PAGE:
Pagrav Dance Company
Lilian Baylis Theatre, Sadler’s Wells, London
Reviewed by Donald Hutera on November 18, 2021
As with many live performances conceived well before but subsequently delayed by the pandemic, Urja Desai Thakore’s latest work for Pagrav Dance Company has been a long time coming. The wait has been worth it. Kattam Katti, as this highly creditable new touring production is called, combines an original concept with a pretty beguiling execution.
In making this approximately hour-long show, the Milton Keynes-based choreographer and artistic director has tapped directly into her own, culturally specific roots. Her source of inspiration was the world-renowned kite festival known as Uttarayan. Held in Gujarat, North India every January, this hugely popular event marks the transition from winter to spring. It also attracts millions of people to the region regardless of their religion or social class. And all of them share one goal: to fly their kite higher than anyone else.
Although Uttarayan is celebrated all over Gujarat, its most exciting location is said to be in the capital city of Ahmedabad. The festival has personal resonance for Thakore because Ahmedabad is her birthplace. It is the underlying social inequities of Uttarayan, as much as the festival’s thrilling and colourful spectacle, that seem to have drawn her to it as subject matter for dance.
Uttarayan, it turns out, is extremely competitive. Participants go so far as to coat their kite strings with glass pigment; while this is visually appealing, it is also designed to cut the strings of other kites. (It is worth noting that the show’s title translates as ‘Cutting Through.’) And with ingenuity comes injury: wounds are not uncommon. Furthermore, wealthy penthouse-owners take advantage of economic privilege by launching their kites from the highest rooftops.
While such details might enhance one’s understanding of the show’s context, they are not its essence. Staged with artful economy, and featuring a cast of four dancers and as many musicians, Kattam Katti is a solidly entertaining, well-crafted piece that deftly integrates movement (principally the traditional South Asian dance form kathak but placed within a contemporary or neo-classical framework) with a live soundtrack that Thakore herself arranged, rather than composed. Atop this is set a light skein of characterisation, expressed via both individual aspirations and sometimes conflicted interpersonal relationships, that together follow an acceptably skeletal narrative arc.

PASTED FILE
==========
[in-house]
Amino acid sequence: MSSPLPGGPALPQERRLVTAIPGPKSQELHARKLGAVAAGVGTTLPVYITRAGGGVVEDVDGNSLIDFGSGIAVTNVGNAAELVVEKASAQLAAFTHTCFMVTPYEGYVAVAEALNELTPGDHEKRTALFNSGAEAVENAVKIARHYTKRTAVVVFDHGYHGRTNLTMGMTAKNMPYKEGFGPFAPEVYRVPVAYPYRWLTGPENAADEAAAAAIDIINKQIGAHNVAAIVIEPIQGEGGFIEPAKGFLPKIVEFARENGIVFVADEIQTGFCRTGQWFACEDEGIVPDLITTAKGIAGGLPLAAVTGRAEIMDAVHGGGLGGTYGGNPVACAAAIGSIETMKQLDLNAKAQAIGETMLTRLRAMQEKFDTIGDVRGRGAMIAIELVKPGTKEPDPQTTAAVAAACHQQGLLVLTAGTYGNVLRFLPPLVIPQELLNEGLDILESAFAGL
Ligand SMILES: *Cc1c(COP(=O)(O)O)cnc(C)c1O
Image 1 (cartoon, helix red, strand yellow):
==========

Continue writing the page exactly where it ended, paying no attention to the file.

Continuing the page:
There are three female dancers in, capable and spirited movers all: Meera Patel, Mira Salat and Saloni Saraf. Thakore’s knack for eye-catching stage pictures was especially evident when this trio formed a totem, one sitting, kneeling and standing respectively as each constructed her own (mimetic, not literal) kite. The cast’s lone male is Subhash Viman Gorania, a virtuosic dancer who embodies what is perhaps the most clearly-defined role – that of an impulsive go-getter whose behaviour sometimes slips into a kind of childish, patience-testing pettiness. His push-and-shove skirmish with Saraf leads to a collective argument, both signaled and fueled by ‘ta-ca-ta, ta-ca-ta' rhythms, that also ensnares the musicians. Patel assumes the role of peace-making referee, which in turn segues into the work’s most choreographically sustained and ample passages. As the ensemble rises and falls in spirals, their shifting motion acquires increasing drive and sweep – almost as if the dancers become their own kites. The effect is uplifting and celebratory.
Significantly, the kites are all in the imagination – the dancers and ours. Kathak, with its fast spins and reaching arms, lends itself well to this savvy choice. The dancers, grounded, yet with their gaze craning upwards, adeptly enact the urgent holding and pulling of invisible strings, punctuated with the occasional gazelle-like leap, as they follow the paths of unseen individual kites. The strategy also works thanks to Simon Daw’s simple yet eloquent set of long, red strings stretched tautly across the stage; offstage mechanics eventually allow these strings to rise higher, as if attuned to the dancers’ collective aspirations.
Praise is also due to the music and the musicians: Gurdain Singh Rayatt, Hiren Chate, Kaviraj Singh and Praveen Pratap. This quartet roams about as they play or, in the case of at least one man, ruminatively vocalise. What was gratifying about their presence and participation onstage is the ear-magnet of live sound they provide, and how unaffectedly they interact with the dancers as part of an onstage community.
Donald Hutera is a veteran freelance arts writer and performance-maker who is currently a member of Rhiannon Faith Company and Posh Club*Dance Club.